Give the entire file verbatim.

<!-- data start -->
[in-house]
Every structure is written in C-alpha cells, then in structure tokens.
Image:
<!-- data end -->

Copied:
[in-house]
Every structure is written in C-alpha cells, then in structure tokens.
Image: